“Great brands will be able to play a role in society greater than just selling a product. And that will likely pay off in the long-term.” – John Sculley
?Marketing giant John Sculley made a career out of taking risks.
In an interview with The Drum, John shared his past challenges building brands at Pepsi and Apple – as well as advice for marketers navigating our uncertain times.
During his career, John saw time and again that long-term brand success lies in taking chances, taking a stand, and investing in loyal customers. He sees this year as one of those defining moments for businesses.
I couldn’t agree more.
Marketing is all about taking risks – especially in moments of uncertainty.
But risk-taking isn’t all about throwing your budget behind flashy campaigns or pivoting your go-to-market motion overnight. Today’s marketing risk-takers are those speaking up for social causes, taking action on promises, experimenting and learning from mistakes, and being human first.
What you do now will have a lasting impact on your future customer relationships and the brand you want to build five, 10 years down the line.
In the next few sections, I’m sharing four ways marketing can start taking more risks and come out stronger on the other side.
It’s hard to see the word “brand” and “authenticity” in the same sentence and not do this ?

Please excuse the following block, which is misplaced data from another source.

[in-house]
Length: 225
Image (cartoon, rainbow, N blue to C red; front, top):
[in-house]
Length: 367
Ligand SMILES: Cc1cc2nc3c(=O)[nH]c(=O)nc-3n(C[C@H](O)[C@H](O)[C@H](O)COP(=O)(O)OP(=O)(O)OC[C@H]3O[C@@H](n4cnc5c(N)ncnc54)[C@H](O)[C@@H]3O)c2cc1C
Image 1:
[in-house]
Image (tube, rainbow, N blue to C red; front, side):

There’s a reason for that: Many businesses try to mimic versus practice authenticity. And customers can smell inauthenticity a mile away.
So how can you start building a brand that is truly authentic? As with most brand-building exercises, it starts internally:
- Be transparent (both internally and externally). Internally, focus on making marketing leadership more approachable, reachable, and most importantly, accountable. Additionally, encourage your teams to share their work, learnings, and successes. Marketing should also own internal comms to build a sense of community in a company. We have an internal newsletter we ship out each week to keep the company up-to-date about new roles, cool projects, funny tweets from Drifters, and more. Employees love it, and it’s an important part of our culture.
Externally, focus on showing a day-in-the-life. We use Drift faces in our marketing, but we also started running an Inside Drift blog series where we interview different members of our team.
- Write like a person. If your messaging doesn’t come off as authentic, it will be difficult to create trust with your audience. That’s why we write like we talk in our marketing and communication at Drift.
- Own mistakes. When Drizly accidentally sent a mass email with a personalization faux pas, it wasn’t a good look. What was a good look? Their follow-up email and ability to turn a mistake into a marketable moment (our marketing team also loved it) ?
People crave humble moments like these. Own your mistakes, and don’t be afraid to call out past transgressions. Just make sure you also take action on that ownership.
The Black Lives Matter protests sparked by the murder of George Floyd have drastically reshaped conversations around race, Black lives in America, and inequality in the workplace. It also changed how companies respond to social causes and crises.
We at Drift issued our own message in support of the Black community.
But we know actions speak louder than words. We followed up on our communication with the steps we are taking. Here are some of the actions we’ve already taken, and plan to continue in the future: